OECD: Brexit could cost UK households £2,200 by 2020

Brexit, UK, European Union, EU

UK households could be hit with an annual £2,200 “Brexit tax” by 2020 if the British electorate votes to leave the European Union this June, according to figures released by the OECD today.

By 2030 this would increase to £3,200 and up to £5,000 in the most pessimistic case.

The OECD report, the Economic Consequences of Brexit: A Taxing Decision, warned that while it is difficult to forecast precise costs there appears to be no economic upside for the UK under Brexit whatsoever.

The OECD analysis supports figures released by the UK Treasury, the Confederation of British Industries, and the LSE’s Centre for Economic Performance, which all forecast the UK would be economically worse off under Brexit.

OECD general secretary Angel Gurria told an audience at LSE this morning that the first payments of the Brexit tax were already being made with GDP growth falling to 0.4 per cent for Q1 announced just this morning, as well as the weakening sterling and weak business investment.

“Unlike most taxes, however, this one will not finance the provision of public services or close the fiscal gap,” Gurria said. “The “Brexit tax” would be a pure deadweight loss, a cost incurred with no economic benefit.”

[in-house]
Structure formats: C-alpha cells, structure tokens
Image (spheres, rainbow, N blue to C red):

Gurria warned that Brexit would not just mean giving up access to the EU single market, but also 53 more third-country trading agreements, which it would have to renegotiate from scratch.

“The first priority would be to negotiate with the rest of the European Union, which accounts for nearly half of UK exports. Facing an embittered, freshly-rejected and much larger partner with an incentive to make exit costly, is not a good basis for a favourable outcome.”

Gurria also referred to comments made by President Barrack Obama last week that the UK would “not be exactly their top priority for negotiating trade deals or granting generous trade concessions”.

Gurria pointed to the appeal to foreign investors of the UK’s access to the single market.

“Less investment, reduced flows of goods and people, costlier credit and lower exposure to ideas and skills across borders would ultimately undermine productivity and the long-run economic capacity of the UK economy,” Gurria stated.